Q&A with Kris Østergaard, Author of Transforming Legacy Organizations

Digital Transformation - December 11 2019

Kris Østergaard is the bestselling author of  Transforming Legacy Organizations: Turn Your Established Business Into An Innovation Champion To Win The Future and Co-founder of SingularityU Nordic. For more than 20 years, Østergaard has been helping established organizations around the world transform and innovate. We caught up with Kris to ask a few questions about the impact of new technologies and innovation on the global insurance industry and how legacy insurance organizations can embrace meaningful change.

Kris, you’ve argued that innovation is a complex and difficult process that too often gets boiled down to a few bullet points that are hopelessly abstract and reductive. What do established organizations tend to get wrong about innovation?  

First of all, they tend to be too imprecise and unambitious about what they want to do, need to do and how to do it. Innovation is not one thing. In fact, when you are a larger, established organization your system is much more complex than if you are a startup. This means that you need to design differently for innovation. You need to innovate both to optimize the existing, augment the core and potentially even mutate the core for the long term. And then you need to ensure that you have an innovation strategy. There is a lot of innovation theater out there, which means that organizations do undirected events rather than activities which are aligned with a bigger strategy. This creates a lot of wasted resources and unfulfilled ambitions.

You’ve said that legacy organizations have distinct advantages over startups when it comes to innovation: “Legacy organizations have money, they have customers, they have data, they have infrastructure, they have suppliers. Startups have almost none of this.”  If it isn’t a matter of resources, what’s holding them back?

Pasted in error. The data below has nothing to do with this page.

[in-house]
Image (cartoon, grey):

It has much more to do with mindset and design than it has to do with money. Arthur C. Clarke, the famous sci-fi writer who wrote 2001 also wrote a book called The Fountains of Paradise. In it he describes a near future where human beings build space elevators that go 36,000 kilometers out into space transporting materials and human beings. He got the Hugo Award for this book, which is the most prestigious award you can get for writing sci-fi novels and when he got the award the journalists in the room asked him: “So, Arthur, when do you think we will actually have space elevators in real life?” And he said: “Probably about 50 years after they all stop laughing.” What he points to is exactly the mindset that is holding so many organizations back. They are limited in their thinking, beliefs and knowledge about what is actually possible. In fact, there are many current projects working on making space elevators a real thing. One of them is the Japanese Shizouka University that has already tested space elevators on a very small scale. In space. Will it happen tomorrow? No. But it will likely happen. But only if we believe it is possible and start experimenting.

It doesn’t get much more “established” than the insurance industry. Of the top 10 P&C insurance carriers in the US, the newest market entrant was founded in 1937. In your book Transforming Legacy Organizations, you offer “hacks” for creating innovative cultures. So, can a risk-averse 300-year-old industry like insurance be “culture hacked”?

Yes. Any type of organization can be culture hacked and transform its culture if it gets ambitious enough about it. But it doesn’t happen by itself and it is probably also the most difficult endeavour that organizations can set out on – much more difficult than getting to know and apply technology. Culture is the “hard problem” of corporate innovation. It demands that companies transform their entire systems away from misaligned KPIs, legacy IT and business models, ineffective work methods, too high risk averseness built into strategies and business plans, and short term thinking. It has far more to do with this than it has to do with people’s lack of willingness to change.

Of course, there is human resistance to change. It is a real thing. But human beings are actually remarkably adaptable to change – if they have the right conditions to change under.

So therefore, insurance companies need to take a hard look at their legacy methodologies and ask themselves if they are, in fact, geared towards the change they want to see. In most cases the answer to this is “no”. But if they set their minds to it, they can certainly do it.